Dressed All Wrong for This by Francine Witte
Reviewed by Charles Rammelkamp

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Dressed All Wrong for This
Flash Fiction
Blue Light Presse, 2019
$15.95, 74 pages
ISBN: 978-1-4218-3639-3

Reading Francine Witte’s flash fiction is like reading one of those pocket-sized manuals, “The Wisdom of [Fill in the Blank]”: insight and sagacity packed into concise blocks of prose, only here with humor, compassion and creative word play. Or maybe her stories are like parables. Take the story “Alpha.” Always concerned about the environment, in verse as well as prose, Witte writes a humorous tale of a woman leaving the polluted, corrupt human world behind to live with the bears, who know nothing of traffic pollution, money, clothes. But she teaches the alpha bear, Roscoe, about the concept of money, handing over currency for food, just to let him know about her culture, using a leaf, foldable and green, to demonstrate the concept. He doesn’t seem to get it. “And just as you are about to give up, Roscoe presses the leaf into your white fleshy palm, and just before he swallows you in five efficient gulps, you are almost proud.” Did I mention the humor?

So many of the stories involve heartbreak – lovers breaking up, husbands cheating on wives, wives not leaving husbands. But so often, the circumstances are plain surreal. Bizarre. In “Mary as a Constellation,” when Jim tells her she should leave the planet, she becomes an astronaut, and when she arrives at Neptune, Mary looks through her telescope to see Jim with his new love, Amelia. “That bastard,” she mutters. She determines her revenge… In “Spy Story,” Giselle, tired of Greg’s cheating, hires a spy, but soon she loses interest in Greg’s activities when her spy, Hector, tells her about his other discoveries (“…there really was no video surveillance at the ATM.”). Hector is baffled. Doesn’t she care about Greg? Giselle has dressed Hector up to look like Sam Spade, but decides he should be more of a James Bond. And then: “What would you charge me to be my husband?” After a beat, Hector tells her he has to crunch the numbers….

The characters in Witte’s fictions rarely have last names. They are Jim and Greg and Hank and Tim, or Maria, Barb, Ruth or Sarah. They don’t need surnames! Fable-like, they could be Fox and Hen and Bear and Wolf. These tales resonate with that sort of “lesson.”

And indeed, in more than a few, human characters become animal. “When Michael Turns Fish,” is the title of one, in which a character contemplates the reactions of his wife, Margaret, and his heartthrob, Celeste, when, in the middle of a business presentation, “his arms tuck in and he is left with fins,” and his skin “scales over.” With a sly allusion to Kafka, the story concludes, “And is that Gregor, the summer intern, who went on and on about wanting a job exactly like Michael’s? Is he really standing over there in the corner right now wriggling a worm onto a hook?” The story, “Dogmister,” begins, “My new boyfriend is a dog. And not a metaphor dog. And not in a bestial way.” And then there’s “My Mother Was a Loaf of Bread.” Specifically, a “twisted, braided challah loaf, egg sheen on her back.” “Pigeon Radar” and “Horse Name” are other bizarre little tales!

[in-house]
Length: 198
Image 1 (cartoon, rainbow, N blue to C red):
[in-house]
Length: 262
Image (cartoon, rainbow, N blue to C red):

Did I mention the humor? The story, “Flag” begins, “Janie decides to start her own country, one with no heartbreak.” She enlists her friend Ruth to be Vice President. They go to a restaurant to work on the details.

“All right,” Janie says, “but first we need a flag. I was thinking of red to
symbolize all the broken hearts.”

“And green,” Ruth adds. “For all the money spent on therapy.”

In the story, “Horse Name,” the narrator’s friend Joan asks her what her “horse name” would be and goes on to say that it can be a characteristic, something that’s true about her. The narrator replies, “In that case, my horse name is – takes too long to get out of a relationship.” (“LOL” goes here.)

The fifty-seven stories that make up this dazzling collection all bring a laugh but also leave a little pang in the heart, maybe more a “ping” than a “pang,” to sound Francine Witte-y about it. (Her wordplay is so much fun. From the story, “Blind Date,” alone: “She is all river flow.” “…his heart patter almost floated him away.” “…his danger brain kicks in.” “Will a window shine in too much truth light?”). In “Breakfast Story” a woman lies in bed eating her spoiled breakfast, considering the purchase of a new refrigerator, for the food she is eating is plainly spoiled, from the failing appliance she owns. Her husband, who has left her, had promised a new one. This one has clearly outlived its warranty. “You used to search for your husband’s expiration date.  He must have kept it hidden behind his heart.” Ping! Pang!

Charles Rammelkamp